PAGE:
January 4, 2017
Think you’re good at managing people? Most managers, when asked, provide a glowing commentary of their stellar people management skills.
Yet research has demonstrated the opposite. A Gallup study of 7,272 U.S. adults revealed that 50 percent had left their job to get away from their manager to improve their life at some point in their career.
Poor people management skills also negatively affect employee happiness and productivity, with managers accounting for up to 70% of variance in employee engagement scores.
Want to find out how good you are as a people manager? See how many of these five questions you can answer with “yes.”
Have you clearly defined and communicated the vision and strategy for your group, department or organization?
This doesn’t mean emailing your team a few PowerPoint slides with some words about vision, mission and values. It means asking them to work with you to define the strategy, strategic objectives and the key initiatives the group will need to accomplish together. The higher the level of participation in strategy sessions, the more committed employees will be to helping the group or organization succeed.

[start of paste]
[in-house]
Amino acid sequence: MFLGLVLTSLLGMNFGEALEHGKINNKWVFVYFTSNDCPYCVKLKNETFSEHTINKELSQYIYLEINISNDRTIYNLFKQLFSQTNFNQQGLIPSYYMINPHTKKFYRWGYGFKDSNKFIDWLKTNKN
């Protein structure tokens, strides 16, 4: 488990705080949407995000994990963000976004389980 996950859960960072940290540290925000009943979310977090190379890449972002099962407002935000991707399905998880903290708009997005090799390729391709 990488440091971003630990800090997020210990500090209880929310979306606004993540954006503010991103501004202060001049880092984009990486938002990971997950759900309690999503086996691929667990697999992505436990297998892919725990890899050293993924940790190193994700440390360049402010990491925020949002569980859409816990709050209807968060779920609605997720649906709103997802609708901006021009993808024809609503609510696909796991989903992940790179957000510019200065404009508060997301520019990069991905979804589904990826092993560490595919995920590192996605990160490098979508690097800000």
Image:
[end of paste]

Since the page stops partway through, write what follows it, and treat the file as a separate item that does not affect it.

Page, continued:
Have you worked with each employee to help him or her understand the role they play in contributing to the success of the organization?
According to a Robert Half Management Resources survey, 53 percent of workers are unable to make the connection between their day-to-day duties and how they impact the company’s financials. To answer yes to this question, you need to have worked one-on-one with each employee to help them create their performance goals, which should be tied to the department or organization’s overall strategy and objectives.
Do you meet regularly with each employee for progress discussions?
Being a good people manager means being a good teacher/coach/mentor. This doesn’t mean meeting once a year with employees to provide performance feedback – it means holding regularly scheduled two-way communication sessions, providing ongoing feedback year-round, giving credit where it is due, and being unafraid to have difficult conversations.
Do you empower your employees to succeed by delegating challenging and meaningful work?
People want to succeed and they want to continue learning. If you don’t provide opportunities for growth and help employees build on their strengths, then you won’t be viewed as a good people leader.
Do you recognize great work?
This doesn’t mean throwing out a “nice job” comment every now and then. Backhanded compliments – an insult disguised as a compliment – also don’t count. Recognizing great work means providing recognition and rewards that reinforce positive behavior, increases employees’ sense of progress and keep them motivated.
There’s a saying that people don’t quit companies, they quit bad managers. Don’t let poor people management skills be the reason why employees resign or leave your team.